Nuggets can Learn from the NBA Playoffs

(Photo by Gregory Shamus/Getty Images)
(Photo by Gregory Shamus/Getty Images) /
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(Photo by Bob Levey/Getty Images)
(Photo by Bob Levey/Getty Images) /

The Warriors, Cavs or Rockets will win this year’s title.  One of those three will probably win next year as well.  The time beyond that is the Nuggets power band.

Where will the balance of power shift after that?  If Denver continues its progression, they have a legitimate chance of becoming a powerhouse Western Conference team.

The Midwest division will provide a lot of the competition with the Nuggets, Wolves and Jazz all on upward trajectories.

Only the Blazers are a question mark, their first-round flameout and lack of playoff success have many questioning Terry Stotts’ crew.  Damian Lillard has the capability to be an MVP level guard but has been streaky.  CJ McCollum has as sweet a shooting stroke as you’ll find but the backcourt pairing with Lillard hasn’t translated to playoff success.  Nurkic showed flashes of competence but his ego and mouth are far more developed than his game. The Blazers are caught in a good enough/not good enough holding pattern that can’t sustain much longer.

The Minnesota Timberwolves have a great core of young, talented players.  That sentence plays like a broken record in the Midwest.  Karl Anthony Towns has moments of greatness.  In only his third NBA season, Towns was selected to the West All-Star team in 2018. He averages 22 and 12 for his career.  Remarkably, Towns has started all 246 games in his NBA career.  He will get stronger and mentally tougher.  Andrew Wiggins, the other assumptive superstar, is trending somewhat down from his outstanding 2016-17 campaign.  Wiggins saw his output drop from 24 points per game to 17 and his shooting percentage drop to his lowest since his rookie campaign (he was ROTY for 2015). Veterans Jimmy Butler and Taj Gibson make the T-Wolves a strong division rival.  Minnesota should challenge for division supremacy for the next several years.

The Utah Jazz are coming off of a thrilling playoff run.  Winners in the first round matchup with the Thunder, the Jazz could only muster one win against top-seeded Houston.  There’s valid excitement for Donovan Mitchell, the rookie combo guard from Louisville.  Donovan did things that have only been done by names like Jabbar and Chamberlain with his rookie season, he is a legitimate stud. Mitchell had a nice run in the playoffs, the highlight of which was a putback dunk off his own miss that could be the highlight of this year’s playoffs, so far.  Utah is a bit of a question mark, they play elite defense and have a top-tier shot-blocker in Rudy Gobert.  Consistency from the rest of the team (looking right at you, Joe Ingles) will determine their future success.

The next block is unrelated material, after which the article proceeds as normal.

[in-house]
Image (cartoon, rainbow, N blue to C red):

Outside the division, the Lakers are always players and will look to return to prominence quickly via free agency.

The Thunder are always strong but it’s becoming apparent that the team is unable to build around Russell Westbrook.  Where the fault lies in that relationship is difficult to pin down.  Russ has playoff performances comparable to LeBron but when he does it, he shoots too much or isn’t a team player.  The Thunder will always be constricted by that perception.

San Antonio can never be counted out.  The Pop-Kawhi drama will work out one way or the other and the Spurs will carry on with excellence.

New Orleans will contend as long as star Anthony Davis is in town.  Davis is a special talent and Jrue Holliday is coming into his own. DeMarcus Cousins is a free-agent. It will be interesting to see how the Pelicans move forward with Boogie (and Rajon Rondo) considering the surprise run to the second round.

The Clippers look to be close to extending Doc Rivers, signalling that they will not go into full-rebuild mode.

Memphis, Sacramento, Phoenix and Dallas are in various stages of reworking their squads and are wildcards.